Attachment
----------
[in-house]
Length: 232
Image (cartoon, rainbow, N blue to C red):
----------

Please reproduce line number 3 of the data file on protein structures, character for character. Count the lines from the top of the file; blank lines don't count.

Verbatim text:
Image (cartoon, rainbow, N blue to C red):